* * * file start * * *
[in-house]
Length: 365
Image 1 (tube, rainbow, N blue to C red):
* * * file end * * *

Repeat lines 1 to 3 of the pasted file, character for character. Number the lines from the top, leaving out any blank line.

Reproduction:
[in-house]
Length: 365
Image 1 (tube, rainbow, N blue to C red):